There have been other threads with OVH and how they do things.. But don't really recall all the details have to do some browsing of old threads.

    I think more this /29 is just attached and assigned to you for use.. In such a case its better to just create a VIP on your wan and then just either port forward or do a 1:1 nat..

    Even with your bridge and trying to use the bridge IP as a gateway your going to see asymmetrical traffic flow.. Since your client sends to bridge IP, then bridge IP (pfsense) has to send the traffic back on to actual gateway. But the return traffic would just go to the host /29 IP that created the traffic... And vise versa when traffic was sent to the host directly - the host would send data back to its gateway the .90 in your setup.. A real mess for any sort of stateful firewalling..


  • Netgate Administrator

    Yes, with a bridged setup like that I expect the DMZ clients to use the .94 gateway directly.
    They would then need a static route to the LAN subnet via the bridge IP, .90, if they need to able to open connections that way. Usually the idea of a DMZ is prevent that though.

    Steve


  • Rebel Alliance Global Moderator

    Well I can see prevent dmz from creating traffic into the lan, but lan into dmz is norm fine because you normally allow internet traffic into dmz ;)

    But yeah this setup is ODD and a real asymmetrical mess with the gateway like that.. If you were going to bridge then concur with Stephen on the gateway should be the isp side IP. But if you think it is routed - then you would never do it anything like that.

    I personally would never do it like that even if directly attached, ie would just create vip.. Unless there was some layer 2 protocol needed bridging gets you nothing but a more complex setup and headaches in the long run.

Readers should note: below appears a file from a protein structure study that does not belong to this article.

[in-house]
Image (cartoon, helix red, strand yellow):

• Netgate Administrator

    I've had to do that a few times for devices that just would not work through NAT. Older PBXs mostly.
    Never had any real issues with it.

    Steve



  • @stephenw10 said in DMZ bridged to WAN cannot reach LAN:

    I've had to do that a few times for devices that just would not work through NAT. Older PBXs mostly.
    Never had any real issues with it.

    The problem are:

    1. if I use .94 as gateway, DMZ host goes on the internet but it cannot ping LAN HOST. I tried to add a static route but pfSense says that "This network conflicts with address configured on interface LAN"

    2. if I use .90 as gateway, LAN HOST seems to ping DMZ HOST from WAN interface (!) and DMZ HOST doesn't go on the internet.

    What's wrong?

    Thx
    Alessandro


  • Netgate Administrator

    You need to add the static routes on the DMZ clients themselves so they know how to reach the pfSense LAN subnet. Not in pfSense.

    Steve


  • Rebel Alliance Global Moderator

    @lalex86 said in DMZ bridged to WAN cannot reach LAN:

    I could use NAT but it could give me some problem with some service(inside DMZ) like ftp server or VoIP....and others...

    For starters you shouldn't even be using ftp ;) Use sftp or just some web protocol to server or receive files. But it can work through nat just fine - same with voip.. You would save yourself a lot of grief just natting this.. Or routing it and just loose the couple of IPs out of the /29

    Your causing yourself way more pain than just doing it with nat or route..



  • @lalex86 said in DMZ bridged to WAN cannot reach LAN:

    @stephenw10 said in DMZ bridged to WAN cannot reach LAN:

    I've had to do that a few times for devices that just would not work through NAT. Older PBXs mostly.
    Never had any real issues with it.

    The problem are:

    1. if I use .94 as gateway, DMZ host goes on the internet but it cannot ping LAN HOST. I tried to add a static route but pfSense says that "This network conflicts with address configured on interface LAN"

    The way I design DMZs this is the correct behavior. I design a DMZ so that it only accepts incoming traffic from specific ports and can only respond to those incoming connection. That way, if the endpoint is breached, it's contained and cannot get out. By allowing your DMZ to initiate a connection to your internal network, if the endpoint is breached, it now has access to your internal network.

    It does make things a bit more complicated, and software developers generally hate me for it, but I have my reasons for it, and it does make things more secure IMHO. In the cases where I need to make exceptions, they are locked down (port/protocol/single endpoint, etc.). But I generally try to avoid opening any outgoing ports in a DMZ where I can.


  • Rebel Alliance Global Moderator

    If "dmz" was open to your lan - then it wouldn't be a dmz ;)

    You might open a pinhole or 2... But open - I think everyone would agree that is horrible practice..

    Lan into dmz - that is a different story..